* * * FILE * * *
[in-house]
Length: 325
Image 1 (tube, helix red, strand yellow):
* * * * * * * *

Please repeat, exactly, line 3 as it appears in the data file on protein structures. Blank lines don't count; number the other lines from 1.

Image 1 (tube, helix red, strand yellow):